losing, looking, knowing, seeing…

“There are two ways of knowing how good God is:
one is never to lose Him,
and the other is to lose Him and then to find Him.”

Archbishop Fulton Sheen


(Christ Pantocrator, the oldest known Icon of Christ, 6th Century AD / St Catherine’s Monastery, Sinai)

This past week has been one full of ups and downs, highs and lows,
and a week of all things in between.
Much of which has been beyond our immediate control.

So I think it was Tuesday morning when I actually was afforded my “quiet time”—
a time when I could truly be alone and in fellowship with God.
A time that was once as regular as clock work…
then people retired and mornings were no
longer my own…
Juggling time took on a whole different sort of meaning.

Tuesday morning I opened my morning devotion, a book of The Divine Hours—
I pray the liturgy of hours—an ancient form of
prayer based on a fixed time of prayer during the course of a day—
mine is an abbreviated devotion of morning, midday, and vespers.
A typical monastic cycle is based on a schedule of 7 times dispersed over a 24 hour period.

According to prayerfoundation.org:
The Seven Historical (Canonical) Hours of Prayer is based upon Psalm 119:164
“Seven times a day I praise you for your righteous laws.”

6:00 am – First Hour (Matins / Lauds / Orthros)
9:00 am – Third Hour (Trece)
Noon Prayer – Sixth Hour (Sext)
3:00 pm – Ninth Hour (None)
6:00 pm (Vespers / Evensong
9:00 pm (Compline)
Midnight Prayer.

These times basically overlap in the three large liturgical denominations…
Catholic, Orthodox, and Anglican communions.

When I was attending the church of my childhood, Evensong was my most favorite service–
It was small, quiet, and intimate.
And that’s probably because I grew up in a massive Cathedral
and Evensong was always in a small gothic chapel rather than the cavernous sanctuary
and was always sparsely attended…but I digress.

Nowadays, I’m just lucky to be able to get in the morning devotional–

So Tuesday morning, when I began my reading and recitations, I began reading the affixed
reading for the day—a reading from the Book of Revelation:

Because you have kept My word of perseverance, I also will keep you from the hour of the testing,
that hour which is about to come upon the whole world, to test those who live on the earth.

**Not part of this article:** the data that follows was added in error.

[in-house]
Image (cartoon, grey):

I am coming quickly; hold firmly to what you have, so that no one will take your crown.
The one who overcomes, I will make him a pillar in the temple of My God,
and he will not go out from it anymore; and I will write on him the name of My God,
and the name of the city of My God, the new Jerusalem, which comes down out of heaven from My God,
and My new name.
The one who has an ear, let him hear what the Spirit says to the churches.’

Revelation 3:10-13

This is not a revolving sort of reading but a fixed reading.
Meaning it was not chosen precisely for this year of 2020.
It was not chosen for this surreal time but was rather more of a permanent piece of scripture–
it is the same verse read over the years, over the seasons on this particular day–
this Tuesday, the 3rd week of Advent.

And yet here it was staring at me on this particular Tuesday morning,
plain as day— speaking so pointedly to our trying days and time,
speaking plainly to our current prickly world which has been trying our souls day and night
since early March.

We have got to remember that God still sees and He still knows—
He knows we are heavily burdened.
We knows we are down trodden.
He knows.
He sees.
And in that seeing and knowing, He will write his Name upon us.
We will be His and He will be ours.

Hold fast.
The time draws nigh…

Advent.
We wait.
We watch.

dying unto self

“Every pious desire, every good thought, every charitable work inspired by the love of Jesus,
contributes to the perfection of the whole body of the faithful.
A person who does nothing more than lovingly pray to God for his brethren,
participates in the great work of saving souls.”

Bl. Anne Catherine Emmerich


(Vasari’s Annunciation / The Louvre / Julie Cook / 2011)

“The life of our flesh is the delight of sensuality;
its death is to take from it all sensible delight.
The life of our judgment and our will is to dispose of ourselves and what is ours,
according to our own views and wishes; their death, then,
is to submit ourselves in all things to the judgment and will of others.
The life of the desire for esteem and respect is to be well thought of by everyone;
its death, therefore, is to hide ourselves so as not to be known,
by means of continual acts of humility and self-abasement.